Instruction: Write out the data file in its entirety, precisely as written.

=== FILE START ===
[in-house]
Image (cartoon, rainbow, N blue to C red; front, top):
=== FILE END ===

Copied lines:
[in-house]
Image (cartoon, rainbow, N blue to C red; front, top):